Preschool children love to talk and pretend about going to outer space. Help them to expand their imaginations with these fun preschool space activities.
Rocket Trip to the Moon
Help the children construct rocket ships out of recycled materials. First, show pictures of space rockets and capsules to the children by looking at books together. Then each child can make their own rocket by using cardboard toilet tubes. Invite the preschoolers to paint the tubes in bright colors and draw any details they wish with markers and crayons. To make the nose cone, draw a circle on construction paper and then cut this in half. Roll the semi-circle into a cone (the straight side up which will make a point) and secure the cone with tape. Finally, glue the cone to one end of the rocket tube.
Another preschool space activity is dramatic play when children pretend to blast off into space with an action rhyme. Have the children stand with their arms overhead and fingers touching to form a rocket cone. Say this rhyme together:
Inside a rocket ship,
Just enough room.
Here comes the countdown:
More Preschool Space Activities
Painted Moonburst Art
Help preschool children make moonburst paintings by dropping spoonfuls of thinned white and blue paint onto black construction paper. Invite each child to blow the paint into designs using straws. Teach them to blow out by practicing with their mouth on one end of the straw and their hand near the other end. Ask the children if they can feel the air on their hand when they blow out. Challenge the children to blow at different angles to make moonburst designs and finish this space activity by sprinkling salt on the wet paint for a sparkling effect when it dries.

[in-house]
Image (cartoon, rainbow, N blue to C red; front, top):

Do the Moon Jump
Children can pretend they are astronauts jumping on the moon's surface with this activity and learn a preschool math lesson by measuring using moon jumps. Measure out a six-foot line on the floor with masking tape. This shows the length of a step an astronaut takes on the moon. Invite the children to see how many giant steps she needs to take here on Earth to equal one step on the moon. Challenge your group to measure the distance across the room or yard in moon jumps.
Roaring Rockets by Ant Parker [Kingfisher, 2000]
There's No Place Like Space: All About our Solar System by Tish Rabe [Random House, 1999]
I Want to Be an Astronaut by Byron Barton [HarperCollins, 1992]
Hands-On-Science by Jeannine Perez [First Teacher Press, 1991]